"The second important factor we found was the degree to which group members participated about equally in conversation. When one or two people dominated the conversation, the group was, on average, less intelligent than when participation was more evenly distributed."
And finally, Malone's studies found groups with a slightly higher percentage of women were, on the whole, better performing.
Interestingly, this emphasis on social intelligence corresponds with the current thinking about promoting softer skills in the workplace.
Roundtable participant, LinkedIn managing director Australia and New Zealand Matt Tindale, said the skills of the future very much revolve around so-called soft skills like collaboration.
For Tindale, measurement of soft skills can be a tricky proposition, but he believes there are "a number of ways" to do it.
"We often talk about micro-credentials, which is actually a great way of doing it, and you get credentialed for those soft skills," Tindale said.
"You can look at employee surveys and really track things moved by soft skills, like collaboration and teamwork, and therefore measure the effectiveness of them."
Boston Consulting Group's global practice leader, digital and technology transformation in the public sector, Miguel Carrasco, said technical domain skills are never going to be replaced. They may change over time, but the demand for expertise will always be high.
"What we're seeing in the broader economy is an elevation of some of the soft skills as greater, if not equal importance. We've always recruited for soft skills so our recruiting has always been for things like effectiveness and impact, teamwork, and collaboration, problem solving, leadership, communication. So when you go through our interview process, that's what we're assessing people for," Carrasco said.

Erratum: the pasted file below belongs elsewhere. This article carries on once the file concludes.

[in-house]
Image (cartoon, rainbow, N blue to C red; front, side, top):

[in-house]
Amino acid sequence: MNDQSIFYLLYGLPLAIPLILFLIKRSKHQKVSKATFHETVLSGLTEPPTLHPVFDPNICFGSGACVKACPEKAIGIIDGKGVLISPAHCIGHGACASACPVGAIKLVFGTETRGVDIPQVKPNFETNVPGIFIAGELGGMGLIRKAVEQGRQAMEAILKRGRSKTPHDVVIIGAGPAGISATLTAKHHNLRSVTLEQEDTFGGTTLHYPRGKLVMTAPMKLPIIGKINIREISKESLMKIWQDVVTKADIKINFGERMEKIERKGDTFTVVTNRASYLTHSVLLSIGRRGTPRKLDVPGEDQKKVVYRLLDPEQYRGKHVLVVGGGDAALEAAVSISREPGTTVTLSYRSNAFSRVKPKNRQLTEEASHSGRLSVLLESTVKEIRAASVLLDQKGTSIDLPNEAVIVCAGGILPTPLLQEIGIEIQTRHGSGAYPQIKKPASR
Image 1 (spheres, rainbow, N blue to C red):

Moreover, these softer skills can be taught and promoted, he said. Carrasco suggests we are seeing the deconstruction of jobs in the digital age.
"The skills have always been there, but they've always been a defined set of tasks. And the problem is people have identified with a job, not with their skills. To reduce some of the anxiety out there about the economic transition and transformation that we're going through, [we can be] helping people navigate the pathway from the skills they've got today to the jobs of the future, whatever they might look like.
"Most people will find a viable pathway to the future. The broader policy question is how do we manage this transition as smoothly as possible."
Telstra's Badenoch believes we will create new opportunities, but we will have to come to terms with working differently.
"I do think freelancing, and job sharing, and a whole bunch of different arrangements are going to come to life in our world, which might actually be pretty good. It is forcing us to understand transferability," she said.
"It's about establishing pathways for people and helping them with their future careers."
This article was originally published by The Australian Financial Review on 26 July 2018.